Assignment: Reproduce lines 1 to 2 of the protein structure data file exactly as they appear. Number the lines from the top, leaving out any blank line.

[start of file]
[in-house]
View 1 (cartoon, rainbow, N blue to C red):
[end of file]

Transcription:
[in-house]
View 1 (cartoon, rainbow, N blue to C red):